by Brian Hioe
Photo Credit: 八鄉朱凱廸 Chu Hoi Dick/Facebook
PRO-DEMOCRACY legislator Eddie Chu has been blocked from running in an election for the village head of Yuen Kong Sun Tsuen, a small, rural village in Hong Kong’s New Territories. Chu was one of the pro-democracy lawmakers elected to Hong Kong’s Legislative Council (LegCo) in 2016, receiving the most votes out of any candidate despite not having the backing of any party.
It may not be surprising that Chu would be blocked for running for the position, seeing as Chinese rule over Hong Kong has already led to electoral candidates being prevented from running, victorious candidates being stripped of their positions after taking office, and bans on political parties that advocate Hong Kong independence. Yet the ban is a further sign of deteriorating freedoms in Hong Kong nonetheless.
In particular, Chu was prevented from running for office with the claim that he advocates Hong Kong independence. Chu has emphasized in the past that he advocates greater self-determination for Hong Kong rather than independence. When questioned on the issue, Chu sought to be deliberately ambiguous by saying that he did not rule out the possibility of Hong Kong breaking from China in the future, but that he did not advocate this at present. But it is likely that Beijing finds there to be no substantive difference between more moderate political positions calling for greater autonomy for Hong Kong and more radical positions calling for outright Hong Kong independence.
According to Hong Kong Chief Executive Carrie Lam, despite Chu’s being banned from running for office on such grounds, there are currently no plans to strip Chu of his position as a legislator, which he still holds. Nevertheless, whatever Lam currently claims in the present, this could very well change in the near future; again, as Hong Kong independence advocacy has been used to disqualify legislators from LegCo in the past. Pro-Beijing legislators have suggested that they will try and seek Chu’s disqualification in the near future.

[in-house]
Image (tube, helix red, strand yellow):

It is highly likely that Chu will seek a legal challenge to being barred from the election. This could unexpectedly prevail, as observed in how legal challenges were successful in securing the release of the “Umbrella Trio” of Joshua Wong, Nathan Law, and Alex Chow after their arrest on charges related to their participation in the Umbrella Movement. At the same time, in the long run, one expects that the dictates of the Chinese government from Beijing will override any barriers currently presented by current Hong Kong law. It is such that the current trial faced by the “Umbrella Nine,” which includes the three leaders of Occupy Central with Peace and Love, is also unlikely to result in a positive result for protesters.
With legal challenges, the odds also seem to be stacked against pro-democracy activists. Likewise, it is clear that continued attempts to use electoral politics as a means of resisting China are increasingly been closed off. This occurs in large part because of direct intercession by the Hong Kong government to prevent pro-democracy politicians from running or disqualifying them if they happen to be victorious.
As a result, even when pro-democracy politicians are allowed to run, the Hong Kong public does not turn out in such numbers as to ensure that they win, likely because of the expectation that they may eventually be removed down the line. This can be observed in the defeat of the pan-Democratic camp in a recent by-election in West Kowloon to fill the seat left vacant by disqualified lawmaker Lau Siu-lai, in spite of that the pan-Democratic camp would have retained their veto power in LegCo had they won the election. The pro-Beijing candidate in that area, Rebecca Chan, won handily, aided by a split vote among pan-Democrats.
The future continues to look grim for Hong Kong, then. However, one observes that with the Hong Kong government persecuting both those who call for Hong Kong independence and those who call for greater autonomy for Hong Kong, both positions will grow increasingly indistinguishable going forward. This could ultimately be beneficial to both more moderate pro-democracy activists and more radical localists, in radicalizing moderates towards more direct forms of action and grounding radicals in more realistic political courses of action.
And with both legal and electoral means of contesting Beijing closed off, this may ultimately leave street protests as the only course of viable action going forward. But it remains to be seen whether the apparent apathy of the Hong Kong public can once again be changed to rage, as expressed through protests, and whether Beijing would take more violent steps to crack down on protests in the future than it did during the Umbrella Movement.